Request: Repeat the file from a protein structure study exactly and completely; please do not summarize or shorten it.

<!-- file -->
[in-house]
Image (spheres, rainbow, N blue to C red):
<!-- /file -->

[in-house]
Image (spheres, rainbow, N blue to C red):